This was a tradition amongst my friends back in school and with my own family with our french heritage, to create a Bûche de Noël for Christmas. The recipes can vary, some like the vanilla cake and others prefer chocolate, I have no preference as long as I get to eat it.
A Bûche de Noël or Yule Log, is a traditional Christmas dessert hailing from France, Canada, and other former French colonies. It is a jelly roll made of sponge cake, which is then rolled around a cream filling and topped with a chocolate buttercream or mocha buttercream frosting to give the color of rich dark bark. An end of the log is cut off and then placed on the side of the jelly roll to make it look like a real cut tree branch. Textures are added to the outsides of the jelly roll in the buttercream topping, and then other decorative features are added like powdered sugar to imitate freshly fallen snow, or meringue mushrooms, and more!
The history of this dish dates back to even Medieval times, where the symbolism first originated. Each year around the time of the Winter Solstice, the villagers would burn old logs covered in pine cones, holly, or ivy, as a way of eradicating any misfortunes that had happened in the year and to make way for the new year. They would even keep the ashes as a good luck charm! So through this tradition, they started making the cakes to represent this old pagan custom.
Just don't burn this log, or no one will want to keep any remnant of it.
Original Bûche de Noël Recipe
5 Eggs, separated
1 cup sugar, divided
1/2 cup flour
1/4 cup baking cocoa
1/4 teaspoon salt
1/2 teaspoon cream of tartar
1 cup heavy whipping cream
1/2 cup confectioners' sugar
1-1/2 teaspoons instant coffee granules
Mocha Buttercream Frosting:
1/3 cup butter, softened
1/3 cup baking cocoa
2 cups confectioners' sugar
1-1/2 teaspoons vanilla extract
1 tablespoon brewed coffee
2 to 3 tablespoons 2% milk
Line a 15-in. x 10-in. x 1-in. baking pan with parchment paper; grease the paper. Place egg whites in a small bowl; let stand at room temperature for 30 minutes.
In a large bowl, beat egg yolks on high until light and fluffy. Gradually add 1/2 cup sugar, beating until thick and lemon-colored. Combine the flour, cocoa and salt; gradually add to egg yolk mixture until blended.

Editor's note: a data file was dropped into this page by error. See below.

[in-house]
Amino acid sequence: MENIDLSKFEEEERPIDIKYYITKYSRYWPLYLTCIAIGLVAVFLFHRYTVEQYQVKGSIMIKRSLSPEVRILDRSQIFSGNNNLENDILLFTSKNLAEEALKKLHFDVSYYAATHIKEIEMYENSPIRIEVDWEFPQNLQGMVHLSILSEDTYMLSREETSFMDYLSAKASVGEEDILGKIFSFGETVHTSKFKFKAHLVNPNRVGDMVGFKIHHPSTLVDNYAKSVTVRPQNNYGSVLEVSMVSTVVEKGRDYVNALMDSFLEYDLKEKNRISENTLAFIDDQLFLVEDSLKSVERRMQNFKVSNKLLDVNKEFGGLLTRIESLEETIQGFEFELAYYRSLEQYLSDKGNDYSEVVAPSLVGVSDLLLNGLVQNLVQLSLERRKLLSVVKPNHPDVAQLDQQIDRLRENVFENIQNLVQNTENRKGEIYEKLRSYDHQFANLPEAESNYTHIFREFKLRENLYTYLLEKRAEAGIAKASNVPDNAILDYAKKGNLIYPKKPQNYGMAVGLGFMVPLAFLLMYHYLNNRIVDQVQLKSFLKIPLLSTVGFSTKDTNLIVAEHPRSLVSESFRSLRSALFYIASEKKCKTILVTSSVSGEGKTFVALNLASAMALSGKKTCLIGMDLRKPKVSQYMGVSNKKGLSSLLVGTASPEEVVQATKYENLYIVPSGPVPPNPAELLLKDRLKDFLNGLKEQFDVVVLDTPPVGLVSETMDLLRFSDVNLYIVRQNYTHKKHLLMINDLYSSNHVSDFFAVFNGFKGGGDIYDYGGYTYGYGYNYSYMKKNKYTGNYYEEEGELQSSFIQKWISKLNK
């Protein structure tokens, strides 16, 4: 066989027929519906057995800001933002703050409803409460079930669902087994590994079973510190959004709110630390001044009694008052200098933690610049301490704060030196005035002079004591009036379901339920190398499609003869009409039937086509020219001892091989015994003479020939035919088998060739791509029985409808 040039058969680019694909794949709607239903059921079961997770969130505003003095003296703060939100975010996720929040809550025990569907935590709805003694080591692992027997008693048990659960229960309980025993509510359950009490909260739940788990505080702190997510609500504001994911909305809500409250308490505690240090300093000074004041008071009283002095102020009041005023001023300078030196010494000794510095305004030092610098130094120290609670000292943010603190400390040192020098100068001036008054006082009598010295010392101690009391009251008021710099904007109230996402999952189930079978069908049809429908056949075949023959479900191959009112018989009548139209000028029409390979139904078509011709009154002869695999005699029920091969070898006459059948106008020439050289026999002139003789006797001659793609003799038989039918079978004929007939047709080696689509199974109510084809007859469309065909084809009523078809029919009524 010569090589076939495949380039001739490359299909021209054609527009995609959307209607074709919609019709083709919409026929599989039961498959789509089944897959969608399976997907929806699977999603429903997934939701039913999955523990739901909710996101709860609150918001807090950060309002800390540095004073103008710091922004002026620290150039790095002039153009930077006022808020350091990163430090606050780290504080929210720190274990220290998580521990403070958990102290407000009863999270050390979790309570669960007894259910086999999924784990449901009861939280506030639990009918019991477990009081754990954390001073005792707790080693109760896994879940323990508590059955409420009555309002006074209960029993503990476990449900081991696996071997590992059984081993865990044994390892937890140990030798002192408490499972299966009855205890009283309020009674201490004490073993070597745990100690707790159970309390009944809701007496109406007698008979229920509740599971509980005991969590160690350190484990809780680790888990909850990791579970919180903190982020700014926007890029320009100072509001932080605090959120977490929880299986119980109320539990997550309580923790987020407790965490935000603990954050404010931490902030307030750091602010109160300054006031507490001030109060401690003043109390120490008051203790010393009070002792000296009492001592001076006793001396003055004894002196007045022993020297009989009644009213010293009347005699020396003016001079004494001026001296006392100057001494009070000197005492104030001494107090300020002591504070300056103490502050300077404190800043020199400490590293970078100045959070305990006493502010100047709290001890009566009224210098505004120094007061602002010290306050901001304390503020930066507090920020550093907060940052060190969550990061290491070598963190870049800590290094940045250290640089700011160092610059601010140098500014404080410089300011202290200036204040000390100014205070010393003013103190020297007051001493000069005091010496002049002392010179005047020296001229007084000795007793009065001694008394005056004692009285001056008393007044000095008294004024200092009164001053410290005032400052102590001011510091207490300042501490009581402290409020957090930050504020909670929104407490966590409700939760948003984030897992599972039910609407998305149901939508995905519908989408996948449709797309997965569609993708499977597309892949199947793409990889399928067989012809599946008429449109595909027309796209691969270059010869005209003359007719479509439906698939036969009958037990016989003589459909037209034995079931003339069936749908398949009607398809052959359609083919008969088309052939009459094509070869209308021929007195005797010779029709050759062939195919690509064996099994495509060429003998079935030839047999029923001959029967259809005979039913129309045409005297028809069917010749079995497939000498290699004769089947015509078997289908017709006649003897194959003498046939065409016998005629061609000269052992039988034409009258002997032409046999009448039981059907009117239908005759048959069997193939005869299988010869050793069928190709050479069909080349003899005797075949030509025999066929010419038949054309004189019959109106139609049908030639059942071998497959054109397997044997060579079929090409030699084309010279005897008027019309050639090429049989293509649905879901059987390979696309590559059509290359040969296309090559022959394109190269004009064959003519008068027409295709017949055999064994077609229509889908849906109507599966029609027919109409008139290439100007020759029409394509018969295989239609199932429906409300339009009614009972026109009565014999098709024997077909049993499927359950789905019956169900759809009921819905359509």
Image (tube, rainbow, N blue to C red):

Beat egg whites on medium until foamy. Add cream of tartar; beat until soft peaks form. Gradually add remaining sugar, 1 tablespoon at a time, beating on high until stiff peaks form. Stir a fourth into chocolate mixture. Fold in remaining egg whites until no streaks remain.v Spread batter evenly in prepared pan. Bake at 350° for 12-15 minutes or until cake springs back (do not overbake). Cool for 5 minutes; invert onto a linen towel dusted with confectioners' sugar. Peel off parchment paper. Roll up in the towel, starting with a short side. Cool on a wire rack.
In a large bowl, beat cream until it begins to thicken. Add sugar and coffee granules. Beat until stiff peaks form; chill. Unroll cooled cake; spread cream filling to within 1/2 in. of edges. Roll up again. Place on serving platter; chill.
In a large bowl, beat frosting ingredients until smooth. Frost cake. Using a fork, make lines resembling tree bark. Yield: 12 servings.
1/2 cup sifted cake flour (not self-rising; sift before measuring), plus additional for dusting pan
5 large eggs, separated, left at room temperature for 30 minutes
1 teaspoon vanilla
1/2 cup plus 2 tablespoons granulated sugar, divided
1/4 teaspoon salt
1/4 teaspoon cream of tartar
1/2 stick (1/4 cup) unsalted butter, melted and cooled
2 tablespoons confectioners' sugar
1/2 cup espresso or very strong black coffee
2 tablespoons sugar
1 tablespoon Cognac or brandy
8 ounces mascarpone cheese
1/4 cup granulated sugar
1/4 teaspoon ground cinnamon
1 tablespoon Cognac or brandy
1/2 cup chilled heavy cream
12 ounces 60% bittersweet chocolate, finely chopped
3/4 cup heavy cream
2 tablespoons light corn syrup
Meringue mushrooms (optional)
Unsweetened cocoa for dusting